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Brazilian Journal of Biology

Print version ISSN 1519-6984

Braz. J. Biol. vol.70 no.4 São Carlos Nov. 2010 



Distribution of populations of broad-snouted caiman (Caiman latirostris, Daudin 1802, Alligatoridae) in the São Francisco River basin, Brazil


Distribuição das populações de jacaré-do-papo-amarelo (Caiman latirostris, Daudin 1802, Alligatoridae) na bacia do Rio São Francisco, Brasil



Filogonio, R.I, *; Assis, VB.I; Passos, LF.II; Coutinho, ME.III

IPrograma das Nações Unidas para o Desenvolvimento – PNUD Consultant, Rua Congonhas, 245, São Pedro, CEP 30330-100, Belo Horizonte, MG, Brazil
IIDepartamento de Ciências Biológicas, Pontifícia Universidade Católica de Minas Gerais – PUC, Av. Dom José Gaspar, 500, Coração Eucarístico, CEP 30535-901, Belo Horizonte, MG, Brazil
IIICentro Nacional de Pesquisa e Conservação de Répteis e Anfíbios – RAN/ICMBio, Embrapa, Al. Vilma Eldeweiss, 115, CEP 33400-000, Lagoa Santa, MG, Brazil




We surveyed populations of the broad-snouted caiman, Caiman latirostris, throughout the São Francisco River basin, from Três Marias reservoir, State of Minas Gerais, to the river delta, at the boarder of Sergipe and Alagoas states. We registered the occurrence of crocodilians in 61% of all surveyed localities (n = 64), in which the presence of C. latirostris was confirmed in 44% of the surveyed sites. Caimans occurred in both lentic and lotic habitats, although there was a preference for small dams, oxbow lakes and wetlands. Despite the hunting pressure and human impact on natural habitats, our results indicate that the populations of C. latirostris in the São Francisco basin are not fragmented.

Keywords: Caiman latirostris, São Francisco River basin, broad-snouted caiman, population distribution.


Fizemos o levantamento de populações do jacaré-de-papo-amarelo, Caiman latirostris, ao longo da bacia do rio São Francisco, a partir do reservatório de Três Marias, no Estado de Minas Gerais, até a foz do rio, na divisa entre os Estados de Sergipe e Alagoas. Registramos a ocorrência de jacarés em 61% das localidades visitadas (n = 64), nas quais a presença de C. latirostris foi confirmada em 44% dos casos. Os jacarés ocorreram em ambientes lênticos e lóticos, muito embora tenhamos observado uma preferência por pequenas represas, lagoas marginais e áreas alagáveis. Apesar da pressão de caça e da modificação dos hábitats naturais, nossos resultados são evidências de que as populações de C. latirostris ao longo da bacia do São Francisco não estão fragmentadas.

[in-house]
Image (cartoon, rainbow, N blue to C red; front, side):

Palavras-chave: Caiman latirostris, bacia do rio São Francisco, jacaré-de-papo-amarelo, distribuição das populações.



1. Introduction

The broad-snouted caiman, Caiman latirostris, is a native species from Brazil, Argentina, Bolivia, Paraguay and Uruguay. It is distributed throughout the Paraná, Paraguay, São Francisco and Uruguay River basins (Borteiro et al., 2006), being the crocodilian with the southernmost distribution among neotropical species. The species distribution within Brazil ranges from the north-eastern state of Rio Grande do Norte reaching the south of the Rio Grande do Sul state (Verdade and Piña, 2006).

Caiman latirostris was considered an endangered species in Brazil until 2003, when the species was withdrawn from the Brazilian List of Endangered Fauna (Martins, 2005). On the other hand, Brazilian populations are still listed in Appendix I of the Convention of International Trade of Endangered Species – CITES (Verdade, 1998). Few studies have dealt with the status or dynamics of Brazilian populations in the wild and most of them were conducted in the Paraná River basin or on the coastal south-eastern part of the species distribution range (e.g., Mourão and Campos, 1995; Grigg et al., 1998; Verdade et al., 2002; Fusco-Costa et al., 2008). On the other hand, there has been considerable research effort focused on captivity animals (e.g., Verdade, 2004; Verdade and Santiago, 1992). The lack of information on wild populations imposes serious constraints to the development of broader conservation and management plans like those currently being carried out in Argentina, as reported by Larriera and Imhof (2006). Moreover, there are virtually no available data on natural populations of C. latirostris from the São Francisco River basin, which accounts for an extensive portion of the species distribution range (Verdade and Piña, 2006; Villela et al., 2008). The aim of our study was to evaluate the distribution pattern of wild populations of C. latirostris throughout the São Francisco River basin (SFB).


2. Materials and Methods

2.1. Study area

The SFB is an important Brazilian water resource, draining the states of Bahia (BA), Minas Gerais (MG), Pernambuco (PE), Alagoas (AL), Sergipe (SE), Goiás (GO) and Distrito Federal (DF). Human population estimates in the SFB reaches over 13 million people (ANA, 2005). Along its 2,863 km of extension (ANA, 2005), the river basin is divided into four sub-regions according to the prevailing biome, temperature and rainfall: the high and medium sub-region are primarily covered by the Cerrado biome, where the mean temperature and annual rainfall are 23 ºC and 24 ºC and 1372 mm and 1052 mm, respectively. The sub-medium presents a mean temperature of 27 ºC and the annual rainfall drops to 693 mm, being covered mostly by the Caatinga biome. The Atlantic Forest covers the low sub-region and the mean temperature and annual rainfall are 25 ºC and 957 mm, respectively (ANA, 2005; Mark, 1963). The biomes Cerrado and Atlantic Forest are considered hotspots, with high conservation priority (Myers et al., 2000). Natural and suitable artificial habitats for C. latirostris such as wetlands, oxbow lakes, small dams and reservoir are distributed throughout the basin.